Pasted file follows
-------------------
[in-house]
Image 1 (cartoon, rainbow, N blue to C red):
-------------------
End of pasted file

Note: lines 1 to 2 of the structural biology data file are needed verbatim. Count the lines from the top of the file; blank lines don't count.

[in-house]
Image 1 (cartoon, rainbow, N blue to C red):